Generation Z (Gen Z) is home to stressed social media enthusiasts. Born after 1996 and forming around 20 percent of the total U.S. population in 2019, Gen Z is the most diverse generation yet. With this diversity comes a new mindset.
Twenty percent of Gen Z are stressed about their financial future, making for the most comparatively worried generation. A possible reason for this lies in their greater emphasis on the value of education. Forty-one percent of the demographic think college is important compared to 32 percent of millennials. With inflation-adjusted college tuition rates increasing by 16 percent from 2010–11 to 2020–21 and 73 percent of Gen Z predicted to graduate with student debt, Gen Z may feel more pressured to start making money earlier to cover as much of the cost they can themselves. Twenty-four percent plan to pay for college through personal savings, 38 percent plan to work during college, and 76 percent already earn money with part-time jobs. Joining the workforce, Gen Z expresses their attitude towards preparation and success, where approximately one-third define themselves as the hardest-working generation, less than one-half attribute their workforce preparedness to high school or college, and more than one-half are optimistic about their future work. Almost half plan to become entrepreneurs, and when looking for a job, most prioritize good benefits, good pay, and inspiring work over work-place appreciation.
Nine in ten GenZers are stressed about the planet’s future, with the environment being their leading worry, and 26 percent of GenZers cited it as the most pressing issue they want companies to address. Their top four ‘news-worthy issues’ entail job creation, racial equality, sexual harassment, and women’s equality. Ninety percent of GenZers report they use social media to learn about and participate in these issues, and eighty percent think social media advocacy can truly affect these issues. The leading social media platforms 13–17 year-olds use are YouTube, Instagram, and Snapchat. Taking action, Gen Z falls not only to social media but also to companies. Every nine in ten people of this demographic believes companies should take into account environmental and social issues, and seventy percent say they want a more activist government. GenZers themselves take action by advocating for social-conscious companies, buying products from those companies, and learning how they can make a lasting impact. Two great disparities between previous generations and GenZers also include thrift shopping and plant-based meal preferences as a result of their environmental worries. A projected 37 percent of young U.S. spenders bought second-hand clothing in 2019, and four percent of GenZers are vegan compared to the one percent of vegan millennials. In comparison to previous generations, GenZ is much more involved in issues and engages in these issues in different ways than previous generations.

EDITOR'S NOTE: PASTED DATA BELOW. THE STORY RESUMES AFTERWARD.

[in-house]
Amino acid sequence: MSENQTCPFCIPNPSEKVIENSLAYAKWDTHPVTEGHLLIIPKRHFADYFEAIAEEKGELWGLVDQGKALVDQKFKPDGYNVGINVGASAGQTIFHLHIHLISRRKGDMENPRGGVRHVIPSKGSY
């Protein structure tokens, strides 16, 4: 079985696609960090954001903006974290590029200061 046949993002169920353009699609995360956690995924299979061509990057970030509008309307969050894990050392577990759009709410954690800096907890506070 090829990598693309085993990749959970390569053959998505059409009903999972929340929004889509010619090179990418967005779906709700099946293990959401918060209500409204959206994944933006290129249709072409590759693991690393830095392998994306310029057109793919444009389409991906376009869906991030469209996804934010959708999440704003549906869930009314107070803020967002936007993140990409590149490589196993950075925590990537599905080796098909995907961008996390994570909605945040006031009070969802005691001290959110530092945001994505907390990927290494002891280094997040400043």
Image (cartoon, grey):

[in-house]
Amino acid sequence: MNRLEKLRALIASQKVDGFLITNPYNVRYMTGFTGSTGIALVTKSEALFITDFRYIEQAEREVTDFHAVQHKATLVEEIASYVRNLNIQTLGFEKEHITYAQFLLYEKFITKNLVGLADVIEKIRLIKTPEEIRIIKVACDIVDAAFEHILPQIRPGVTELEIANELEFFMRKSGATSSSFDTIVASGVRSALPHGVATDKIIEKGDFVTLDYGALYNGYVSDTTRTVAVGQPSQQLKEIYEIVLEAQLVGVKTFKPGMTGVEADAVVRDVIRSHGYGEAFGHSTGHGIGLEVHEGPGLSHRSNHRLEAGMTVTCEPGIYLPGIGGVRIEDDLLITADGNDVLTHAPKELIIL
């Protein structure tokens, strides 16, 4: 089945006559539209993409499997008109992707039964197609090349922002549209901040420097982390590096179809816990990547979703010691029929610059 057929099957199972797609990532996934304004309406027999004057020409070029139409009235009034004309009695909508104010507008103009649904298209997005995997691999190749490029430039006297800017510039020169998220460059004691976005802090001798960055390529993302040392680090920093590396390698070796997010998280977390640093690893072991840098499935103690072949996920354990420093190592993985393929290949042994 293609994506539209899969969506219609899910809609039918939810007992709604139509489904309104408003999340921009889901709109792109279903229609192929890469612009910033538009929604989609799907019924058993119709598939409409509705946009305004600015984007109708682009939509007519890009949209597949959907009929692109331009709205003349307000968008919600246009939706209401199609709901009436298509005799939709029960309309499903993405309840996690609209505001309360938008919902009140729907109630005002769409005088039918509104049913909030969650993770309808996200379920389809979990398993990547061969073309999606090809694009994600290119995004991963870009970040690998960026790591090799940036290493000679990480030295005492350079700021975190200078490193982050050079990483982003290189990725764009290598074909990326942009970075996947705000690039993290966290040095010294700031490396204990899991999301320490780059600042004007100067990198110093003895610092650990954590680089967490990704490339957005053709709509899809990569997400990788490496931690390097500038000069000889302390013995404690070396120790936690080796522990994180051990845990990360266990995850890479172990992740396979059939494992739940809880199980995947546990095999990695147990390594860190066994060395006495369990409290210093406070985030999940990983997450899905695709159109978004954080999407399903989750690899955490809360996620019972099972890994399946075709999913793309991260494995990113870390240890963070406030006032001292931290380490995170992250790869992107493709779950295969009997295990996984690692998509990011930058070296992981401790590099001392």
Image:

Gen Z fuels their values such as education and environmentalism through investing time and money in jobs, social media, and companies. Their impact on the rapidly changing world is still being measured, but their trends in shopping, media, and engagement have clearly left a mark. With their unique technological upbringing and resulting activist and entrepreneurial attitude, highlighted by climate change activist Greta Thunberg and Discord networking server Gen Z Mafia, their impact on the fight against rising issues, such as environmental and social justice, holds potential.